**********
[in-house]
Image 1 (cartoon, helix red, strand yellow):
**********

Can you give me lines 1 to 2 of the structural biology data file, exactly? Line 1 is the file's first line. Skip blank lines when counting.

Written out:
[in-house]
Image 1 (cartoon, helix red, strand yellow):